Swiss Re’s Lohbeck: Industry must evolve to meet risk transfer needs of energy transition

Technological developments will help advance the energy transition over the coming years regardless of curveballs thrown by macroeconomic and geopolitical issues, according to Swiss Re’s specialty CUO Anne Lohbeck.

Lohbeck told The Insurer TV that the (re)insurance industry has a significant opportunity to help facilitate the energy transition through the provision of risk management and risk transfer tools.

During the interview, Lohbeck highlighted how geopolitical concerns had placed constraints on those working to insure the energy transition as governments moved to prioritise concerns over energy security.

This was further compounded by macroeconomic concerns, which led some governments to pull back from earlier commitments to reduce emissions.

“The first thing to recognise is that this is a very, very dynamic landscape,” she said.

“And while we're all racing towards net zero, geopolitics, energy security and considerations around that have just thrown us all a huge curveball on a societal level.”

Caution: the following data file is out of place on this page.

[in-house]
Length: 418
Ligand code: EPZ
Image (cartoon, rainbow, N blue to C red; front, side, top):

While she acknowledged this was a “highly dynamic space”, Lohbeck said one factor that isn’t disputed is that technological advancement is occurring.

She said the healthy flow of investment in the energy transition space means we should be optimistic on progress.

As these technologies develop, Lohbeck said it was important to monitor supply chain impacts, and what effect this has on claims costs.

One example highlighted was around the availability of repair vessels for offshore wind facilities, as well as the availability and cost of labour.

“Everything that we need around the insurance value chain is a space that we actively need to continue watching,” she said.

Cyber opportunity

Lohbeck also highlighted the cyber opportunity, stating that it was important to approach the peril in a prudent way, “moving forward one step at a time” while working to limit accumulations.

“With all of the devices that we use across society now, cyber as a peril is something we need to insure and reinsure.

“The demand is there, the necessity is there – the relevance of cyber will only ever increase. We as an industry need to find ways to address the structural, wording and aggregation issues that we still have.”

She likened the market’s current level of understanding around cyber to other perils in previous decades.

“We’ve managed to wrap our heads around issues in other lines, and I have no doubt we, as an industry, will be able to do the same with cyber. But it will take time,” she said.